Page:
The woman showed no symptoms of upper and lower respiratory tract infection but flu-like symptoms with diarrhea and fatigue. No smell or taste disturbances were reported either. She was suffering from arterial hypertension, ischemic heart disease, mitral valve replacement with a mechanical prosthesis, pacemaker implant for the tachy-brady syndrome, seronegative rheumatoid arthritis (2010), lymphocytic colitis (2012), and pulmonary fibrosis (2017). No reference was made to tobacco habits. The patient had been under extended treatment with Hydroxychloroquine, Budesonide, Amiodarone, Metoprolol, Vitamin K Antagonist, Loop Diuretics, Proton Pump Inhibitor. Both rapid antigens testing and NAAT on nasopharyngeal samples resulted in negative. On the blood chemistry tests nothing to report except for mild leukopenia (2.5 x 10^9/L) and a slight increase in C-reactive Protein (5.2 mg/L), LDH (266 U/L), and D-dimer (589 ng/ml). Chest CT scan showed bilateral multifocal patchy with GGOs in both lower lobes (Fig. 1). The patient was admitted to the COVID-Unit with a diagnosis of SARS-CoV-2 pneumonia based on atypical symptoms, laboratory alteration, and especially radiographic evidence. After 48 hours, the second NAAT excluded viral infection, too. A few days later the patient was discharged from the hospital with the final diagnosis of accidental hip trauma, reactivation of chronic colitis, and pulmonary fibrosis (as previously diagnosed).
In our case, although the pre-test probability of infection was low (atypical symptoms and generic community risk infection) and the microbiological test was negative, the diagnosis of SARS-CoV-2 disease was wrongly made through common abnormal laboratory and especially radiographic features analysis. However, the interstitial lung disease was already present in the patient’s clinical history, and it was probably due to rheumatic disease and chronic use of Amiodarone. Pulmonary fibrosis represents a heterogeneous group of disorders due to a broad range of diseases, exposures, viral respiratory infections, and drugs 8,9. The radiologic features of SARS-CoV-2 are similar to those of other community-acquired types of pneumonia, such as Influenza A (H1N1), CMV, others coronavirus (SARS, MERS), streptococcal, and pneumonia atypical germs (Chlamydia, Mycoplasma). Nevertheless, some CT features of viral pneumonia are variable and may be affected by the immune status of the host and the pathogenic processes induced by the specific virus 10.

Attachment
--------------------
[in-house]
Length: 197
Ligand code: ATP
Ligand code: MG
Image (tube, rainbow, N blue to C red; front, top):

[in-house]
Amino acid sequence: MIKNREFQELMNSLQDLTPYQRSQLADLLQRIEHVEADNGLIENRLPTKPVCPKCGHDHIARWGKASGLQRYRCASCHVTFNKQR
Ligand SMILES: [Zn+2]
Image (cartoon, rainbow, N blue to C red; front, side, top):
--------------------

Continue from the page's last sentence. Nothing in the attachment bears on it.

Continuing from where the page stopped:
This clinical case shows some common difficulties in the management of patients with suspect of SARS-CoV-2 infection but negative initial NAAT. The SARS-CoV-2 Era has required an urgent revolution in the healthcare system regarding the management and control of the infection, and clinicians can be sometimes faced with doubtful cases of infection and the necessity to decide quickly whether to consider them infected or not 11,12. Over this period, the main effort has been to keep infected people separated from the others to avoid viral diffusion. So far, hospitalized patients suspected of having SARS-CoV-2 infection but with negative NAAT were usually admitted to COVID-Unit, as the priority was to keep “clean” the non-SARS-CoV-2 wards. Following this principle, our patient was hospitalized for 10 days in a COVID-Unit. Despite this high risk of contagion, the patient never presented the viral infection.
Even if highly suggestive, imaging features alone are not enough for the diagnosis of SARS-CoV-2. The CT findings need to be correlated with symptoms, medical history, physical exams, laboratory, and microbiological tests. Therefore, especially during the worldwide outbreak, the interstitial parenchymal lung disease showing multifocal patchy with GGOs should be interpreted with caution and shed light on through differential diagnosis, comparing it with other clinical situations.
Everyone who contributed significantly to the work appears in the list of authors.
Conflict of interest
The authors declare to have no conflict of interest.
Figures and tables